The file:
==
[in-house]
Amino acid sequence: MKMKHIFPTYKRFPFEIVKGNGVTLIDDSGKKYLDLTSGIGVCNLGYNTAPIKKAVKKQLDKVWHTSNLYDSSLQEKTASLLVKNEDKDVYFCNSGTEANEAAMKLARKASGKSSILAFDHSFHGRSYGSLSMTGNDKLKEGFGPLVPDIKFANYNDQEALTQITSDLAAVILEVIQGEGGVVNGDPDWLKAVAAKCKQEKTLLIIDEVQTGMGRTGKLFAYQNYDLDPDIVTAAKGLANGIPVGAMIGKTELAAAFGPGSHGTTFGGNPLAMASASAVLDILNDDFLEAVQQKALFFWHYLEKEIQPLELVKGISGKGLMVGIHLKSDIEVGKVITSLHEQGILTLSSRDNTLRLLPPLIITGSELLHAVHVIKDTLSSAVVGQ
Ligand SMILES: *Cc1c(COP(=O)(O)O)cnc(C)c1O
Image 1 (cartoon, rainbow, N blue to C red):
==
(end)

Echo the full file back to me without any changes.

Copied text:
[in-house]
Amino acid sequence: MKMKHIFPTYKRFPFEIVKGNGVTLIDDSGKKYLDLTSGIGVCNLGYNTAPIKKAVKKQLDKVWHTSNLYDSSLQEKTASLLVKNEDKDVYFCNSGTEANEAAMKLARKASGKSSILAFDHSFHGRSYGSLSMTGNDKLKEGFGPLVPDIKFANYNDQEALTQITSDLAAVILEVIQGEGGVVNGDPDWLKAVAAKCKQEKTLLIIDEVQTGMGRTGKLFAYQNYDLDPDIVTAAKGLANGIPVGAMIGKTELAAAFGPGSHGTTFGGNPLAMASASAVLDILNDDFLEAVQQKALFFWHYLEKEIQPLELVKGISGKGLMVGIHLKSDIEVGKVITSLHEQGILTLSSRDNTLRLLPPLIITGSELLHAVHVIKDTLSSAVVGQ
Ligand SMILES: *Cc1c(COP(=O)(O)O)cnc(C)c1O
Image 1 (cartoon, rainbow, N blue to C red):